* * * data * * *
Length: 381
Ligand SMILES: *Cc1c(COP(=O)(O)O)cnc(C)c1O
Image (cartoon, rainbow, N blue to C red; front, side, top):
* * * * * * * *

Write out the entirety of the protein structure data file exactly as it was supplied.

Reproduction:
Length: 381
Ligand SMILES: *Cc1c(COP(=O)(O)O)cnc(C)c1O
Image (cartoon, rainbow, N blue to C red; front, side, top):